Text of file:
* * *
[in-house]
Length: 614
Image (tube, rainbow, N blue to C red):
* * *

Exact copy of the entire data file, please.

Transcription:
[in-house]
Length: 614
Image (tube, rainbow, N blue to C red):